Not very long ago the Social Security Administration (“SSA”) issued a new rule regarding submitting written evidence to the court for Social Security Disability Insurance (“SSDI” or “disability benefits”) hearings.
Before this rule, applicants (through their counsel) were allowed to submit evidence as soon as possible and preferably at least one week before the hearing. However, there was no official rule or regulation regarding when evidence was submitted.
All that changed when the SSA’s new “5-day rule” became effective on May 1, 2017.
What it is.
The 5-day rule requires that all written evidence be submitted to the Administrative Law Judge (“ALJ”) at least 5 business days before the date of the hearing.
This includes all medical evidence and all evidence from third parties, all evidence of ability to work, and all work history evidence. Everything has to be to the judge at least 5 business days before the hearing.
The new rule allows a disability attorney or representative to notify the court 5 days before the hearing if there are records that cannot be submitted 5 days before the hearing along with a description of what attempts have been made to obtain it.
When there are records that cannot be submitted 5 days before the hearing (for the reasons detailed in the notification) the ALJ can use his or her discretion to hold the record open after the hearing to obtain those records.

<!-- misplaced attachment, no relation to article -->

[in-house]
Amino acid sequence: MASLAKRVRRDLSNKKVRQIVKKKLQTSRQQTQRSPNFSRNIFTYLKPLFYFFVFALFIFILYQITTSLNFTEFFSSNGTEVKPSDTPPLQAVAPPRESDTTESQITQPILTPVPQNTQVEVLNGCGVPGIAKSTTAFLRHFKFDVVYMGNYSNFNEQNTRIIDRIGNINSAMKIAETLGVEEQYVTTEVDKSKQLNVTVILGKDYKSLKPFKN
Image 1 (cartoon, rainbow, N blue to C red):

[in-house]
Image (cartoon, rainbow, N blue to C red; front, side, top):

If you miss the deadline for notifying the judge about records that cannot be submitted 5 days before the hearing, to have the documents considered, you will need to show that at least one of the following circumstances applies to your case:
- The actions of SSA misled you
- You had a physical, mental, educational, or linguistic limitation that prevented you from submitting the evidence earlier
- Some other unusual, unexpected, or unavoidable circumstance beyond your control prevented you from submitting the evidence earlier
The rule’s purpose was to provide a level of uniformity in the manner and timing of the submission of evidence to ALJs across the country. Whether the rule has achieved this purpose is not clear.
What is clear is that every applicant must be diligent about getting the records he or she needs for his case as soon as possible so that they can be submitted to the ALJ at least 5 days before the hearing.
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If you want to know more about disability benefits, or if you have been denied benefits, contact us. We have helped many people get benefits and we can help you, too. We have offices throughout Missouri, Kansas, and Illinois. We have offices in Oklahoma City, Oklahoma, too. We offer free consultations and we do not get paid unless you win your case. Contact us today or call us at 855-727-8625 to set up your free appointment.